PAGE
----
Canadians are feeling the pinch of higher prices these days. But that isn’t the case with provincial budgets. Coffers are filling, with many provinces slashing the size of their deficits or growing surpluses, leaving most of those governments in a much better position than they were earlier this year.
The red-hot economy is a common factor driving revenues higher, in addition to elevated commodity prices. Even the sky-high inflation is helping generate extra cash.
Still, experts warn the windfall will be short-lived as the economy begins to slow and interest rates climb, among other challenges.
Alberta is experiencing the biggest swing in fortunes as an original budgeted surplus of $511 million is now expected to reach $13.2 billion.
Since provincial governments released their budgets last spring, only Nova Scotia is on pace to have a wider deficit. Prince Edward Island and Newfoundland and Labrador have yet to report a first quarter update.
“It’s been pretty much across the board,” said Robert Kavcic, senior economist with BMO Capital Markets.
“Pretty much everyone was very conservative with their economic outlooks, and the economy just came back and ran a lot stronger than anyone had expected. So that’s driven very significant revenue surprises to the upside.”
The dollar figures could improve even more, Kavcic says, as the year progresses.
Soaring commodity prices are benefiting not only Alberta, but Saskatchewan and Newfoundland and Labrador as well — this as oil, natural gas and fertilizer prices soared following Russia’s invasion of Ukraine.
In Manitoba, higher river levels and increased electricity export prices are the main reason why a budgeted deficit of $548 million is now down to $202 million.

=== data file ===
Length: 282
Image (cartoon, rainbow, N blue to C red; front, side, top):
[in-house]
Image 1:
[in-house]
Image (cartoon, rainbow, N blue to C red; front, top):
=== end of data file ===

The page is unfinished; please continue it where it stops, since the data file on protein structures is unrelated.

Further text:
“Everything has come up sevens for the provinces lately,” said Ted Mallett, director of the economic forecasting team at the Conference Board of Canada.
“Just the happy coincidence of a number of factors [that] came together.”
Inflation has been a sore spot for people and businesses alike, however, the higher prices are also helping to lift government revenues as tax revenues grow. The rate of inflation has been much higher and persistent than experts had initially anticipated.
“Inflation would have an effect on both the revenues and the expenditure side of things but it looks like it had more of an effect on the revenue side,” said Mallett.
British Columbia, Saskatchewan and Quebec had originally budgeted a deficit this year, but are now expecting a surplus. Ontario’s deficit has fallen, but is still expected to be more than $18 billion.
Many provinces have announced new spending programs aimed at lowering energy and fuel costs as an attempt to combat inflation. Some provinces are using some of their windfall to pay down some of the debt that accumulated in recent years.
The overall financial improvement by the provincial governments is “dramatic” and “rapid,” said Travis Shaw — a senior vice president with DBRS Morningstar, a credit rating agency — especially considering the amount of debt that was accumulated in 2020 and 2021 during the worst of the pandemic.
“Things seem to be showing quite a remarkable turnaround and that’s even relative to the earlier spring budget[s]. So, in just the span of one quarter, we’ve seen a pretty substantial uptick in provincial revenues,” he said.
Still, his advice for provincial finance ministers is to not let the windfall go to their heads.
Instead, he urges caution, especially as the economy begins to slow down and a recession could be right around the corner.
“We need to be mindful of more challenging times, as we look into the next year and beyond,” said Shaw.
In particular, he points to the need to keep public sector compensation in check considering those expenses typically account for between half to two-thirds of government operational spending.
“In an inflationary environment, wage demands are much higher. That may be affordable today, but … maybe you’ve got locked into higher expenses at a time when your revenues may be softening,” he said.
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